11-7-08  Bilat/Dr.Ball/ASR

Jonner

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Re: Post op sleeping positions
« Reply #5 on: November 20, 2008, 02:01:30 PM »
Hi Ed, Barbara, John C and Wayne-O,
Thanks very much indeed for taking the trouble to reply and for the very sensible and considered advice. It's nice to know you're not the only one with a problem albeit relatively minor! I will definitely get my surgeons advice, though in the U.K we don't seem to have quite the access to them that you do in the States. Having seen my surgeon two days after the op (24 Oct) I am not scheduled to see him again until February! Anyway, I am really hoping to get the same advice as you all have had ie given the go-ahead for sleeping on my side. Good luck to all of you with your recovery and you Barbara with your left hip on the 7th Dec -I probably won't get my left hip done until Feb or March due to the vagaries of the English National Health Service, BUT it is FREE!!!!
Best wishes
Jonner

Barbara

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Re: Post op sleeping positions
« Reply #6 on: November 21, 2008, 01:11:08 AM »
Hi Jonner,
I come from Scotland but live in Seattle so am more familiar with the health service in the uk, even though I work in health care. I think we have the best deal in the UK because as you say it is free. You have peace of mind knowing that whatever healthcare you need is available to all. Health care here in the US is very complicated because you have insurance companies making decisions on what they will and wont cover.
I got a letter from my Insurance company today saying that they have established that my surgery was medically necessary but being medically necessary does not guarantee payment. This is the second such letter I have received. I will never understand how something can be deemed medically necessary but possibly not covered.
It is not a good feeling knowing that an Insurance company could deny payment for health care. I'd rather have peace of mind knowing that all my health care is covered even if it means being on a waiting list for a few months and having a little less access to my surgeon.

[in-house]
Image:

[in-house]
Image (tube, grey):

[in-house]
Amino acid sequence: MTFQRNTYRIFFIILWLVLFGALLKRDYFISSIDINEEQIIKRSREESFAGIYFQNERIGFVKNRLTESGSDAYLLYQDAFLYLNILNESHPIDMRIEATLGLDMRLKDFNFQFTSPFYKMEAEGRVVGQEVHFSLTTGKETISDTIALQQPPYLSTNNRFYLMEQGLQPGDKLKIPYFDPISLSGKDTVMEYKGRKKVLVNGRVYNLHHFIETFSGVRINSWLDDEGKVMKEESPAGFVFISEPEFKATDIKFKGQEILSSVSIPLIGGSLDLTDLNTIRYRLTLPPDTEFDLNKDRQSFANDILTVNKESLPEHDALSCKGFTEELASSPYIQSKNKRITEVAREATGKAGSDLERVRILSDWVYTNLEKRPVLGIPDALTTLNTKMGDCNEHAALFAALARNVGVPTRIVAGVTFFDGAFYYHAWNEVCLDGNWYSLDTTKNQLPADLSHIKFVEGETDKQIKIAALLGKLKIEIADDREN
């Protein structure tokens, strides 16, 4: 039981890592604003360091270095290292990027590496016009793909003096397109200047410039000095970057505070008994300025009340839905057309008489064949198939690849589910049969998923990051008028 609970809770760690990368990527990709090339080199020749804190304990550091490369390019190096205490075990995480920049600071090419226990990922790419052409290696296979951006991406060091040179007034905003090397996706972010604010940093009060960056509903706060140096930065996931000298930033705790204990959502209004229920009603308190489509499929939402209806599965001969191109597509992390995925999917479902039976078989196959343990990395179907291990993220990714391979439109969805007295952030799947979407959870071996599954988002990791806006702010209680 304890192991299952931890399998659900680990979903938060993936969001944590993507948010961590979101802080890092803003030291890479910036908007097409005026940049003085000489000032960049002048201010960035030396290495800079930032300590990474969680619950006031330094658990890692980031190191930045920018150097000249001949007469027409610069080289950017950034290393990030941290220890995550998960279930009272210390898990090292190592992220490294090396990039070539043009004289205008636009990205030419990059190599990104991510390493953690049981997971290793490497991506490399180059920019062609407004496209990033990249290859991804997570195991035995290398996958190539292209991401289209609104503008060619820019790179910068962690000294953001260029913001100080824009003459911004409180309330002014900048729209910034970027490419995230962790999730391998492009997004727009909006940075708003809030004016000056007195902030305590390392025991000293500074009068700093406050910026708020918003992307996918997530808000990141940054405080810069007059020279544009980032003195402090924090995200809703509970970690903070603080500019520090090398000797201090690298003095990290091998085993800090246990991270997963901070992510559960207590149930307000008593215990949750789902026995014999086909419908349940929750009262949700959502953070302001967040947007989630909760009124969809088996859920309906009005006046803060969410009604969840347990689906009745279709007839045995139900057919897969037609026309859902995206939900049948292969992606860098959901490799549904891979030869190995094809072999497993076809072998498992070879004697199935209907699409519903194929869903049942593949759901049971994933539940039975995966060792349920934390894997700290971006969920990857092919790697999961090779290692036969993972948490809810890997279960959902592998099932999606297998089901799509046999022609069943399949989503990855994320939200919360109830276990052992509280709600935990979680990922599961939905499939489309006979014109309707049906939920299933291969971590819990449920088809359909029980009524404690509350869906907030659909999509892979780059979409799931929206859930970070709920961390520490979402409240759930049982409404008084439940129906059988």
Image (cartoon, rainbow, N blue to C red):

They have covered my bill for anesthesia, by the way, which makes it even more bizarre that they would send me this letter. You realize the true value of the NHS when you don't have it anymore.
Take care
Barbara
Barbara
RBHR 10/13/2008. LBHR 12/08/2008. LBHR revision 1/18/2010, LTHR 9/23 2011, RTHR 12/16 2011............
Dr Pritchet, Seattle

Jonner

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Re: Post op sleeping positions
« Reply #7 on: November 21, 2008, 04:39:39 AM »
Hi Barbara,
I'm sorry to hear you have got this to worry about apart from all the physical problems of the surgery itself. You're right about appreciating the NHS, despite my tiny gripe about not seeing my surgeon, I have actually had superb service from them and all with the peace of mind of knowing it isn't going to cost my life's savings! I suppose you are too far down the line now to have it done in Scotland. I hope you get the guarantee of payment letter soon so you can concentrate on the surgery and recovery.
Best wishes
Jonner

decooney

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Re: Post op sleeping positions
« Reply #8 on: November 21, 2008, 06:52:21 AM »
I'm now 4-weeks post op upper THR  and lower resurfacing cap with socket bone graftreconstruction to boot and have not been able to sleep on my back all of the time as well.  I don't know what I would do if I could only sleep on my back.  My 2nd day post-op in the hospital they had me sleeping on my unoperated side, to help prevent bed sores, with a foam wedge between my legs and pillows behind my back.  I have been sleeping since 2 weeks post op with a large bed pillow between my legs and it helps to sort of stretch out a bit so I can actually relax enough to be able to sleep more than a 3 hour strech here and there without getting up.  My doctor has repeatedly told me to use pain as a measure and I got off pain meds at 2 weeks post op, and can easily tell when I start to do something wrong, and kind of prefer it this way to know what's going on inside...  Doing so much better at 4 weeks vs. 2 weeks post-op.  Whew.   

Jonner

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Re: Post op sleeping positions
« Reply #9 on: November 21, 2008, 05:36:46 PM »
I was told by the Physiotherapy department today that I definitely must sleep on my back for 12 weeks in order to give the muscles a chance to heal properly. As I am pretty much pain free now (4 weeks post op), I am not going to take the risk and disregard their advice. So looks like I will be spending a lot more sleepless time in the wee small hours trawling through all the posts in the surface hippy website!
Best wishes to everyone going through recovery.
Jonner

Bionic

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Re: Post op sleeping positions
« Reply #10 on: November 22, 2008, 02:45:56 AM »
I wonder whether getting one of those Tempur-Pedic pads (or matress) might not be a bad idea for those forced to sleep on their backs.  I tried one this summer and was really impressed at how weightless I felt.

bothdone

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Re: Post op sleeping positions
« Reply #11 on: November 22, 2008, 10:15:46 AM »
Hi again